Unbound Bilirubin and Prematurity

A recent prospective study (SB Amin, H Wang. J Pediatr 2018; 192: 47-52) indicates that premature infants have lower bilirubin binding affinity which could place them at risk for neurological complications.

Background: Very high levels of unconjugated bilirubin can lead to bilirubin-induced neurotoxicity/kenricterus.  There is increased susceptibility in newborns, particularly premature infants.  Unbound bilirubin (not bound to protein) can cross blood-brain barrier.  However, unbound bilirubin, rather than total serum bilirubin, is a better predictor of abnormal neurological outcomes.

Key findings:

  • Among 166 infants, peak unbound bilirubin significant correlated with bilirubin-albumin binding affinity (Ka) (r=-0.44, P=.001)
  • Gestational age was a significant modifier for the association between Ka and peak unbound bilirubin.
  • Peak unbound bilirubin was primarily associated with a decrease in binding affinity in infants ≤30 weeks gestational age

Implications of study: “Phototherapy as a sole intervention may be insufficient in preventing or reducing bilirubin-induced neurotoxicity”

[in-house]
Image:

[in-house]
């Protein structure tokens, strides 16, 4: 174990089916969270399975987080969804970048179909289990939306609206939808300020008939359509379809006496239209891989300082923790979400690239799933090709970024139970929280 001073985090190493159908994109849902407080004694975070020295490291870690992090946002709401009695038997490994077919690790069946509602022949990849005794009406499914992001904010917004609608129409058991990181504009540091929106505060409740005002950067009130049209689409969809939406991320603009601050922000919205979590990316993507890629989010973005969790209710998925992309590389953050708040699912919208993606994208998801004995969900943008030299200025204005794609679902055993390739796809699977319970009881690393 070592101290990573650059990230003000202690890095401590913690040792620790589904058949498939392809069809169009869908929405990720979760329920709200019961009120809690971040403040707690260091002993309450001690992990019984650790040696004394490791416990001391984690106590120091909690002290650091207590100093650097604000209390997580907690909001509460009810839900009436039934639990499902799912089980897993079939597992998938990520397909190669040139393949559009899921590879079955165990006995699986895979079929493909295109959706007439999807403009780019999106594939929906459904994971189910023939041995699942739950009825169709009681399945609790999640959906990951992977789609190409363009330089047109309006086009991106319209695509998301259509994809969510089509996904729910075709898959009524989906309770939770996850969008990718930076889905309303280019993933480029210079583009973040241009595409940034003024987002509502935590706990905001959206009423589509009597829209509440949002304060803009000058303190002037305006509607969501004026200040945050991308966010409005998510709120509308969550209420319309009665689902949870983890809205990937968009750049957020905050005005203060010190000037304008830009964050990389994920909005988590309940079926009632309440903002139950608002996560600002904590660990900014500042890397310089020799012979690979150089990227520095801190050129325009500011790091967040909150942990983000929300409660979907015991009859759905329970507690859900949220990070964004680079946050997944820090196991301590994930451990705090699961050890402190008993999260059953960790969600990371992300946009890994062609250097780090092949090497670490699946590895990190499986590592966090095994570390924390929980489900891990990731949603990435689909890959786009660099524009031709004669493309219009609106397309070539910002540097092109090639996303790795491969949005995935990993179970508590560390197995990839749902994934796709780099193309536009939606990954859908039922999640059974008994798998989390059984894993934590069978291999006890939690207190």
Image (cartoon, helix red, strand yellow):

My take: If there is low bilirubin binding affinity, among premature infants ≤30 weeks gestational age, some neurologic toxicity could occur even with bilirubin levels that have been considered safe previously.

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Lipid Emulsions and Unbound Bilirubin in Preterm Infants

Happy birthday Stan!

In previous work, it had been shown that free bilirubin (Bf) and unbound free fatty acids (FFAu) were increased in extremely low birth weight infants who received intralipid (soybean) at 3 g/kg/d.  A recent study (T Hegyi et al. J Pediatr 2017; 184: 45-50) showed that Bf and FFAu are increased with increasing intralipid dosage (1 to 3 g/kg/d) in all gestational ages (23-34 weeks).

The concern with Bf and FFAu is that elevated concentrations could have adverse neurologic effects; intralipids may act to displace bilirubin from binding to albumin. For most infants in this study, the levels “would not be expected to pose a neurotoxic risk” (per editorial pg 6-7).  Factors that enhance the generation of FFAu include infection, steroids, carnitine deficiency, and low albumin conditions. Phototherapy, in this study, reduced total serum bilirubin but not Bf in those receiving 2-3 g/kg/d of intralipid.

My take: This study does not provide any information regarding neurotoxicity.  It shows that potentially toxic levels of Bf & FFAu can occur in infants born <28 weeks who receive 2 g/k/day or more of intralipid.  While this is a concern, we also know that poor growth is associated with worsened neurocognitive outcomes (Nutrition Week: Downside of Lipid Reduction)